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* shadows of a shade,” compared to the irresistible necessities of nature. “Not to be led into temptation,” is the prayer of divinity itself; and to guard against, or rather to prevent, such insnaring situations, is one of the greatest heights of human prudence: in private life it is partly religious; and in a Revenue sense, it is truly political.
The rich, in ease and affluence, may think I have drawn an unnatural portrait; but could they descend to the cold regions of want, the circle of polar poverty, they would find their opinions changing with the climate. There are habits of thinking peculiar to different conditions, and to find them out is truly to study mankind.
That the situation of an Excise officer is of this dangerous kind, must be allowed by every one who will consider the trust unavoidably reposed in him, and compare the narrowness of his circumstances with the hardship of the times. If the salary was judged competent an hundred years ago, it cannot be so now. Should it be advanced, that if the present set of officers are dissatisfied with the salary, that enow may be procured not only for the present salary, but for less; the answer is extremely easy. The question needs only to be put; it destroys itself. Were two or three thousand men to offer to execute the office without any salary, would the government accept them? No. Were the same number to offer the same service for a salary less than can possibly support them, would the government accept them? Certainly not; for while nature, in spite of law or religion, makes it a ruling principle not to starve, the event would be this, that as they could not live on the salary, they would discretionally live out of the duty. Quere, whether poverty has not too great an influence now? Were the employment a place of direct labour, and not of trust, then frugality in the salary would be sound policy: but when it is considered that the greatest single branch of the Revenue, a duty amounting to near five millions sterling, is annually charged by a set of men, most of whom are wanting even the common necessaries of life, the thought must, to every friend to honesty, to every person concerned in the management of the public money, be strong and striking. Poor and in power, are powerful templations; I call it power, because they have it in their power to defraud. T'he trust unavoidably reposed in an Excise-officer is so great, that it would be an act of wisdom, and perhaps of interest, to secure him from the temptations of downright poverty. To relieve their wants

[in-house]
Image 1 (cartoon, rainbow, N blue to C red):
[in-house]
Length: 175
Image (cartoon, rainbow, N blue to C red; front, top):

would be charity, but to secure the Revenue by so doing, would be prudence. Scarcely a week passes at the office but some detections are made of fraudulent and collusive proceedings. The poverty of the officers is the fairest bait for a designing trader that can possibly be; such introduce themselves to the officer under the common plea of the insufficiency of the salary. Every considerate mind must allow, that poverty and opportunity corrupt many an honest
I am not at all surprised that so many opulent and reputable traders have recommended the case of the officers to the good favour of their representatives. They are sensible of the pinching circumstances of the officers, and of the injury to trade in general, from the advantages which are taken of them. The welfare of the fair trader, and the security of the Revenue, are so inseparably one, that their interest or injuries are alike. It is the opinion of such whose situation gives them a perfect knowledge in the matter, that the Revenue suffers more by the corruption of a few officers in a county, than would make a handsome addition to the salary of the whole number in the same place.
I very lately knew an instance where it is evident, on comparison of the duty charged since, that the Revenue suffered by one trader (and be not a very considerable one) upwards of one hundred and sixty pounds per ann. for several years; and yet the benefit to the officer was a mere trifle, in consideration of the trader's. Without doubt the officer would have thought himself much happier to have received the same addition another way. The bread of deceit is a bread of bitterness; but alas! how few in times of want and hardship are capable of thinking so: objects appear under new colours, and in shapes not naturally their own; hunger sucks in the deception, and necessity reconciles it to conscience.
The commissioners of Excise strongly enjoin, that no officer accept any treat, gratuity, or, in short, lay himself under any kind of obligation to the traders under their survey: the wisdom of such an injunction is evident; but the practice of it, surrounded with children and poverty, is scarcely possible ; and such obligations, wherever they exist, must operate, directly or indirectly, to the injury of the Revenue. Favours will naturally beget their likenesses, especially where the return is not at our own expence.
I have heard it remarked, by a gentleman whose knowledge in Excise business is indisputable, that there are numbers of officers who are even afraid to look into an unentered room, lest they should give offence. Poverty and obligation tie up the hands of office, and give a prejudicial bias to the mind.
There is another kind of evil, wbich, though it may never amount to what may be deemed criminality in law, yet it may amount to what is much worse in effect, and that is, a constant and perpetual leakage in the Revenue: a sort of gratitude in the dark, a distant requital for such civilities as only the lowest poverty would accept, and which are a thousand per cent. above the value of the civility received. Yet there is no immediate collusion; the trader and officer are both safe; the design, if discovered, passes for error.